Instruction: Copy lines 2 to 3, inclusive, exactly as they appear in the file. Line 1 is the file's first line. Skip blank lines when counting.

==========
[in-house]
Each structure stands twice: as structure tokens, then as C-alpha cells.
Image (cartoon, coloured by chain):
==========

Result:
Each structure stands twice: as structure tokens, then as C-alpha cells.
Image (cartoon, coloured by chain):